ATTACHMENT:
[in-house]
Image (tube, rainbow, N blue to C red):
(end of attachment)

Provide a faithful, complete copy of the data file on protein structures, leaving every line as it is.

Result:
[in-house]
Image (tube, rainbow, N blue to C red):